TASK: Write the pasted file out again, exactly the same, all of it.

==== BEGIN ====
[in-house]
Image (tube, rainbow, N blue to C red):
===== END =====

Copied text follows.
[in-house]
Image (tube, rainbow, N blue to C red):